Brexit must not be a threat for Bangladesh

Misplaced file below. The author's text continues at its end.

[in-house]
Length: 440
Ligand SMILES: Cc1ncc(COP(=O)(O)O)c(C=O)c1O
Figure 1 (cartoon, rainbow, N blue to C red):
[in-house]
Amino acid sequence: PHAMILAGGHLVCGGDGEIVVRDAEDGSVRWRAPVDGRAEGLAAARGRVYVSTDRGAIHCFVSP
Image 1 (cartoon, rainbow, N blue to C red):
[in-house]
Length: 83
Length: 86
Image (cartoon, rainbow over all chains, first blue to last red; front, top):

THE economic consequences of Brexit have hit the global economy overnight sending shocks waves across the continents. Bangladesh is also at risk of losing duty-free benefits on its exports of more than $3 billion to the UK as Britain outside the EU is not obliged to continue the GSP benefits that includes duty-free export of everything but arms. Development assistance and remittance from the UK may also come under strain, as the British economy fears major dislocation until it recovers from shocks that may however require several years together. We fear there is a risk in the long run that Bangladesh economy may take the brunt if exports face setback until we can sign new trade agreement provided with GSP facilities in that agreement. Brexit has already triggered massive economic dislocation in the UK making other markets restive and we must keep watch on new development as it unfolds. Dhaka should also open initial contacts with the British government about how it can help overcome the situation and work out new business ties from both sides. Brexit that takes Britain out of the EU has caused socio-political upheaval with devastating effect on economy and business both as importers and exporters. In the new situation several million British people would lose jobs as most European businesses would move to other European cities.Â Repatriation of British employees from other European countries will also add to the joblessness. It means more joblessness may shrink the British market to require reduced imports of apparels and other goods from Bangladesh. Lower purchasing power may also reduce the number of restaurant eaters in the UK run by people of Bangladesh origin. It may then affect remittance to their families in Bangladesh. It is not clear what impact it would leave on migration of people to Britain from Bangladesh. Â UK is Bangladesh's third largest export destination after the US and Germany, and the second largest in Europe. Bangladesh exports to UK grew by 21.28 percent last year and it may be fairly said that such growth if not retarded, may not however continue in the next few years forcing Bangladesh to suffer the big setback in an ever growing export destination. The market dislocation may be severe if the situation in Scotland creates trouble in normal marketing. We however don't see any immediate setback to our exports in other European markets. We believe that Bangladesh should take a preemptive diplomatic initiative that could be able to successfully protect the country's economic interest in the UK. The government must also take a review of the consequences of the Brexit in our external trade, migration and development assistance.
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